My first Sunday on the Gold Coast was spent laying out in the sun and enjoying the beach. My housemate took me to a lesser known beach area along one of the canals around Surfers Paradise called Bums Bay at the Spit. You wouldn’t know that there was a beach behind the trees when you park on the side of the road. However, as soon as we took a brief walk through the bushes, there was a little sandy strip along a canal that fed into the yacht club at the Gold Coast. You could see Surfers Paradise in the close distance, but we were far enough away from the crowds. It was so peaceful laying out on the sand with a few families scattered along the beach and small yachts and boats floating out in the water. Laying there, I thought that this was the Gold Coast I had come to see and experience. I was not disappointed with my beach day.
You may be asking at this point: “Does she spend every day at the beach?” Unfortunately, no. I came to Australia to work as a research intern on a project called the Remote and Isolated Communities Essential Services Project (RICES), where I am working with several people at Griffith University, the University of Queensland, various government departments and industry partners. Most of my time so far has been spent in an office running various statistics tests.
While looking at a lot of data in SPSS may not be super exciting, RICES is a very cool and important project for Aboriginal and/or Torres Strait Island communities as well as the Australian government. RICES was initiated in response to inadequacies of water services for and communication with Aboriginal and/or Torres Strait Island communities. Remote and isolated Indigenous communities in Australia use an extremely large amount of water per capita in comparison to urbanized Australian areas. The daily average of water use per household in Australia is about 238 gallons. In the RICES’ partner communities, households used an average of between 261 gallons and 1,637 gallons per day. At the top end of the spectrum, some households in these remote Indigenous communities used almost nine times the average urban Australian amount of daily water. If these communities hope to have water 24/7 and not completely exhaust their resources, something about their water consumption habits need to change.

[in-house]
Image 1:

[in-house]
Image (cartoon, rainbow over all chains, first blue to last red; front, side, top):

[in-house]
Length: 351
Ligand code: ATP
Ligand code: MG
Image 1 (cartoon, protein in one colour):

The project has partnered with three communities to understand the demands and drivers for water use to support healthier and more sustainable Indigenous communities and promote mutual engagement with local service providers. While addressing immediate needs of Aboriginal and/or Torres Strait Island communities, RICES will also assess long-term water usage, incorporating communication between the community and service providers, to create community-level solutions for service inadequacies and economic and environmental burdens on these communities.
As a part of the project, I am helping to assess statistical drivers and barriers within the partner communities so that we can figure out the best communication strategy around water use. We are hoping to bring some of the results from the statistical tests into workshops with the three Aboriginal and/or Torres Strait Island communities in order to better understand behaviors and cultural/social reasons behind their massive water use. I will get to travel to one of the partner communities with my supervisors to talk with key stakeholders within the community and attempt to come up with realistic solutions to their water service and water usage issues. With luck, we can show the communities the impact their daily water usage is having on the community overall and can understand the solutions that would be best for the community members.